Thursday, February 6, 2014

Chasing water...

It was the water pump that tipped me over the edge. The one that pumps water from the house dam, through a few kilometres of poly pipe, to the overhead tank at the homestead. All week it’s been trying to take me down. Piece by piece.

Ever since its last oil change it’s not quite pumped properly again. I can start the motor alright. It’s the suction that’s just not sucking. Or, actually, it sucks majorly, just not in the way it’s supposed to.

For the fourth time in a week I was down at the house dam, priming the bloody thing with buckets and buckets of water. How much water am I supposed to shove down its throat before I give up? It’s 45 degrees. It’s 6pm. I have a garden dying of thirst. Dogs, chooks and a calf that need to drink. Clothes that need washing. Dinner than needs cooking. And there are two dirty, smelly, tired humans who are over it. Over. It.

I stumble down the bank to fill the bucket a fourth time. The level is low and there’s half a meter of mud to stretch over before I can even reach the water, dangling the bucket on its side, in the tips of my outstretched fingers... reaching… stretching… almost… Ahhh stuff it!

I’m in the bloody dam. Stinking, grey slush up to my shins. Water running around my ankles and into my work boots.

Ahhhh… stuff me! Stuff this! Stuff you! Stuff this whole bloody thing! All I want is normal taps like normal people. Ones where clean, normal water comes out when you turn them on. Is that so hard?

I lug the bucket of dirty liquid back up to the pump and begin the process again.

Unscrew cap. Pour water in until overflowing. Replace cap.

Flick choke left. Pull the starter rope. Motor starts. Flick choke right.

Listen for a change in engine noise… none. Watch poly pipe in the water for change in buoyancy… none.

Open water release tap…

Chug, chug, chug, gurgle, spit. Chug, chug, chug, gurgle, spit.

Spit. Gurgle. Spit.

This is not how it’s supposed to be. It’s supposed to be spraying water at full force, five feet away. Whyyyyyyy, God-all-things-irrigation-related, whyyyy!?

Turn motor off. Start again.

Prime. Choke. Start. Observe… Nothing.

This. Sucks.

This sucks. This sucks, this sucks, this sucks thissucksthissuuuuuucks!

I tell myself I’ll give it one more bucket of water… though I’ve already told myself this twice before.

This time, as I lumber down the dam bank to the water’s edge, my boots lose grip. Hard dirt and stones graze through the palm of my hand as I hit the ground, and angry tears prick my eyes.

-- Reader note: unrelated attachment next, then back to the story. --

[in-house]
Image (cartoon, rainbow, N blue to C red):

I tell myself to suck it up. It’s just a bit of gravel rash. It’s just a bit of mud. It’s just a water pump. And other people have it far worse. At least I’ve got water left in the dam to pump.

But as I cart my full bucket of water back to the pump again, tears stream down my face and snot escapes my nose. I wash my stinging hands in the bucket and wipe my face, mixing tears and snot with blood and mud.

Unscrew cap. Pour water in until overflowing. Replace cap.

Flick choke left. Pull the starter rope. Motor starts. Flick choke right.

Listen for a change in engine noise… none. Watch poly pipe in the water for change in buoyancy… none.

Open water release tap…

This time I walk along the long length of poly pipe, that’s supposed to be sucking the water from the centre of the dam up into the pump, continually lifting it off the ground and dropping it again, trying to displace any airlocks which might be blocking the suction.

It’s searing. The hottest part of the hottest day, of a whole string of weeks that have been 45 degrees plus. Sweat beads on my hairline, dribbling into my eyes. I want to throw myself into the dam, but the muddy exit would ruin any relief or enjoyment.

While I’m trying to get water to our house, just so we can wash our hands, and shower, and flush the toilet, and water our pets and garden, ST is out starting pumps across the property to keep water supplies up to sheep and cattle. I hope he’s having more luck than me. The drive alone, just to start two pumps on the eastern side of Burragan, takes 90 minutes at pace. And that’s not including jobs, or problems, along the way.

I walk back up to the pump and close the water release tap again. Then open it. Then close it. Then open it.

“This is crap,” I growl aloud. Except maybe there’s a few swear words in there too.

And I tell myself to stop whining, again. With added swear words as well. Remember you’ve got it good.

Find the funny side, I urge myself… Come on, you usually can. What’s the funny side? Come on, anything, anything amusing at all? I draw a blank.

Focusing back on the task at hand, I hear the change of engine noise as the suction kicks in properly and the chug, chug, chug, gurgle, spit of liquid from the water release tap transforms suddenly into a magical high pressure gush of water.

Thank Christ! Success! Thank bloody Christ!

I close the release tap, stand by for a few minutes to make sure everything is still pumping properly, and then, dragging my boots through the sand, I head back up the dam bank to where I parked the ute.

I stop at the top of the bank. You… have… got to be kidding me!

Ten meters in front of me, there’s a geyser of water shooting into the air. Sometime between now and last time I was here, two days ago, something has blown a hole in the poly pipe line that leads to the house.

You win, Water Gods, you win.

I move to grumble down the bank and turn the pump off again.

But something stops me, and instead, I walk towards the fountain, turn my face to the sky, and feel it rain down on me.

It’s warm. But it’s wet. And it feels like artificial wishes, recalling how it’s done.